The earned income credit (EIC) is a tax break for working people who earn low wages. A tax credit is a direct dollar-for-dollar reduction of your tax bill. The EIC can be greater than your earned income, says Internal Revenue Service (IRS) Publication 596, Earned Income Credit. In that case, you not only get back your withheld taxes, you also get an additional refund. An income test determines your EIC eligibility.
No Income Minimum
You must have taxable earned income from working for an employer or from self-employment, but there is no minimum amount of earned income to qualify for the EIC, says the IRS. Taxable income doesn't mean you must pay taxes before you can get the EIC. It means your earned income was from wages or salary that would be taxed if you earned enough during the year. Nontaxable employee pay, such as dependent care or adoption benefits, doesn't count as earned income. If you received nontaxable military combat pay, you can choose whether to include that money in your earned income.
Although the EIC rules don't specify a minimum required amount of earned income to qualify for the credit, there is a maximum ceiling both on earned income and on your adjusted gross income (AGI) from all sources. If your income exceeds either ceiling, you can't claim the EIC, says the IRS. Although income from a source such as Social Security, a retirement account or unemployment compensation doesn't count as earned income, it does count toward your adjusted gross income. You also will be disqualified from the EIC if you have more than $3,200 of investment income.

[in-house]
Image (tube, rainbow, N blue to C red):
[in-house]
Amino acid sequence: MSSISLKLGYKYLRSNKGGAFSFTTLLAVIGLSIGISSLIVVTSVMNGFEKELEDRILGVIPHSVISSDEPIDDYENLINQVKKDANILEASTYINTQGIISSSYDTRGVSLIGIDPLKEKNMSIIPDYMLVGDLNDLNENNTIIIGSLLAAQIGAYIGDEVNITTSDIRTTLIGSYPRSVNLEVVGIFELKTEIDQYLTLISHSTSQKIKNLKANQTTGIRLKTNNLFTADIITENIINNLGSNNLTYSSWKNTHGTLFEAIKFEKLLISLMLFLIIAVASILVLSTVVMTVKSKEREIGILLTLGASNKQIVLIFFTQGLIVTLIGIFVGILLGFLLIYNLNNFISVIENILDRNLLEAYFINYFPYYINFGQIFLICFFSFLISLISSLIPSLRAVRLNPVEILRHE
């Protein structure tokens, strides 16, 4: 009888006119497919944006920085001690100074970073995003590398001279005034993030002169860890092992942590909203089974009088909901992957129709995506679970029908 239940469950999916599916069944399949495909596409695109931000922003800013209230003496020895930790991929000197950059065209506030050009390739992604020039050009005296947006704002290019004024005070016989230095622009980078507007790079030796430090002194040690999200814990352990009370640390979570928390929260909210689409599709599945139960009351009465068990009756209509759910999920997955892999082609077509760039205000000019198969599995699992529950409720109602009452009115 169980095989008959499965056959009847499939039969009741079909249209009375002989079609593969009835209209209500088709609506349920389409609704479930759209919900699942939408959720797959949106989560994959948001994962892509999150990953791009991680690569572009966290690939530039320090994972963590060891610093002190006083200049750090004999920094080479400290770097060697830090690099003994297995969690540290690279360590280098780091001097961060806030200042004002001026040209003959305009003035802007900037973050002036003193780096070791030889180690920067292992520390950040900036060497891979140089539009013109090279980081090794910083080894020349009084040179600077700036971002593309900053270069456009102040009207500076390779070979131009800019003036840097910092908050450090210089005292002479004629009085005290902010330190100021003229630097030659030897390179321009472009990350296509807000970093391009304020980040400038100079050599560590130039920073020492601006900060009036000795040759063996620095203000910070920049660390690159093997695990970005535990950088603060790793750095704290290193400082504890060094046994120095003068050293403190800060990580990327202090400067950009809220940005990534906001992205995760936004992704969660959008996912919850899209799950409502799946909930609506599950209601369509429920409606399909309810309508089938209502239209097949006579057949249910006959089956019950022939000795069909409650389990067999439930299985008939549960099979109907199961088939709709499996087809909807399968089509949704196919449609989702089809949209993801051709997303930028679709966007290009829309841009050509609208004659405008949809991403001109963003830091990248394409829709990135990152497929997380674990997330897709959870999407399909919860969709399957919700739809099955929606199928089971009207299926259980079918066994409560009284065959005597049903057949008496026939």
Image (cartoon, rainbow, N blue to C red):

The ceiling amounts depend on whether you are single or married filing jointly and on how many children you have as dependents. For 2012, if you have no dependents, your earned income or AGI can't exceed $13,980 if single or $19,190 if married filing jointly. With one child, the ceiling amount is $36,920 if single or $42,130 if married filing jointly. With two children, your income must be less than $41,952 if single or $47,162 if married filing jointly. With three or more children, the ceiling is $45,060 if single or $50,270 if married filing jointly.
If you can claim the EIC on your federal income tax return, you may also be able to claim a similar credit on your state income tax return, says the IRS. The states' credits are a percentage of the federal credit. For 2012, state EICs ranged from 4 percent to 45 percent. The 24 states with an EIC in 2012 included Connecticut, Delaware, Illinois, Indiana, Iowa, Kansas, Louisiana, Maine, Maryland, Massachusetts, Michigan, Minnesota, Nebraska, New Jersey, New Mexico, New York, North Carolina, Oklahoma, Oregon, Rhode Island, Vermont, Virginia, Washington and Wisconsin. The District of Columbia and New York City also have a local EIC.